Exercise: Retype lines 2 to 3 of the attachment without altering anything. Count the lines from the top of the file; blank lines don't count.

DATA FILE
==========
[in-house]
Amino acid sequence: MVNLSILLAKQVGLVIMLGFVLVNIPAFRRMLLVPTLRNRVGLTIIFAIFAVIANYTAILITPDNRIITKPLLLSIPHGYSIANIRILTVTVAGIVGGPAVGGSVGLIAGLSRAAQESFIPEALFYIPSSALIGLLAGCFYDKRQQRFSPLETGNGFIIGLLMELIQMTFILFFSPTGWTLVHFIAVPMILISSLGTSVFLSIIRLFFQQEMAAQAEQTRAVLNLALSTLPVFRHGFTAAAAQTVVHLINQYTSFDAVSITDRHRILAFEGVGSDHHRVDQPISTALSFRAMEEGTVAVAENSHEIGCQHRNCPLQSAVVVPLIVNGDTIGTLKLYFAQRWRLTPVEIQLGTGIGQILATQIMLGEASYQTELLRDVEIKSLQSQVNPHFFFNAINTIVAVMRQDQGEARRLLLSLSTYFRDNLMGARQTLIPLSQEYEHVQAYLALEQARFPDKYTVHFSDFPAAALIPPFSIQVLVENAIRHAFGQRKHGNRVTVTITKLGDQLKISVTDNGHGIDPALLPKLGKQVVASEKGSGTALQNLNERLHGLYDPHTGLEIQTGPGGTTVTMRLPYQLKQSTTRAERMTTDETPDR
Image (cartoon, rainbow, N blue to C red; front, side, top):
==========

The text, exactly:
Amino acid sequence: MVNLSILLAKQVGLVIMLGFVLVNIPAFRRMLLVPTLRNRVGLTIIFAIFAVIANYTAILITPDNRIITKPLLLSIPHGYSIANIRILTVTVAGIVGGPAVGGSVGLIAGLSRAAQESFIPEALFYIPSSALIGLLAGCFYDKRQQRFSPLETGNGFIIGLLMELIQMTFILFFSPTGWTLVHFIAVPMILISSLGTSVFLSIIRLFFQQEMAAQAEQTRAVLNLALSTLPVFRHGFTAAAAQTVVHLINQYTSFDAVSITDRHRILAFEGVGSDHHRVDQPISTALSFRAMEEGTVAVAENSHEIGCQHRNCPLQSAVVVPLIVNGDTIGTLKLYFAQRWRLTPVEIQLGTGIGQILATQIMLGEASYQTELLRDVEIKSLQSQVNPHFFFNAINTIVAVMRQDQGEARRLLLSLSTYFRDNLMGARQTLIPLSQEYEHVQAYLALEQARFPDKYTVHFSDFPAAALIPPFSIQVLVENAIRHAFGQRKHGNRVTVTITKLGDQLKISVTDNGHGIDPALLPKLGKQVVASEKGSGTALQNLNERLHGLYDPHTGLEIQTGPGGTTVTMRLPYQLKQSTTRAERMTTDETPDR
Image (cartoon, rainbow, N blue to C red; front, side, top):